Heritage Grant Activities

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In 2016, Tibbits Opera Foundation was awarded a $25,000 grant from the Michigan Humanities Council (MHC) through its Heritage Grants program. The goal of the grant program was to help the people of Michigan understand cultural differences by sharing local stories about race and cultural history.

Tibbits partnered with area schools, service organizations, and the City of Coldwater to offer a series of presentations, programs, and an exhibit aimed at fostering conversations about the history and culture of the Yemeni-American community in Coldwater.

Over 5,000 people saw the exhibit/participated in activities during the grant period. Arabs and non-Arabs were asked to reflect on any significant changes that occurred within themselves personally as a result of their involvement:


“The most significant change that I noticed emerged from the exhibit was that people gained some knowledge about the Yemeni Culture. There was a couple of times when random people would stop me and ask me if I was from Yemen and they wanted to talk about what they had learned through the exhibit and what more can I tell them. I can’t express how much that made me feel. I was very happy! Coldwater is a home for a lot of the Yemeni people and it was good to see the interaction between them and the rest of the community.”


“Knowledge is power. Knowledge combats fear and ignorance that leads to prejudice. The Yemeni-Americans in our community have escaped a home country that is war-torn and impoverished. They are seeking a better life, the American dream, the same dream many of our ancestors sought. I want more people to meet and understand the Arab community in our midst.”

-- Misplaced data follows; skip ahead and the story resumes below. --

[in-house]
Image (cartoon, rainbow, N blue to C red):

“Yemeni-Americans in Coldwater” Special Exhibit

Objects, images, oral histories, and interpretive displays highlighted the culture and history of Coldwater’s Yemeni community from January – May of 2017.

Click here to see exhibit panels Click here to view interviews with Yemeni-American community members 



Cross Cultural Training Presentations

Salwa Alsuraimi, founder of the Coldwater non-profit Aira, made presentations about Yemeni culture to educators, city workers, healthcare professionals, and the general public.


“We are Coldwater: A Celebration of Cultures”

Held in April, 2017, this event featured music and food from around the world and some impromptu dances from the local Yemeni-American community.

“Creative Kiddos: A Celebration of Cultures”

Tibbits hosted a multicultural event for children in April, 2017 which featured craft-making, dance, music, and art from seven different cultural groups.


These programs are made possible through partnerships with the Arab American Society of Coldwater, Moslem American Society of Coldwater, Aira, and the Branch County Community Foundation.

The Heritage Grant program is supported by a $1.7 million grant to MHC from the W.K. Kellogg Foundation for development and implementation of this new initiative, “Exploring the History of All Michigan’s People.” The program included two rounds of grant awards. The grants engaged organizations and individuals throughout Michigan at the local level by establishing connections across racial and cultural lines that promoted understanding and healing.

Michigan Humanities Council

SURA Summer Camp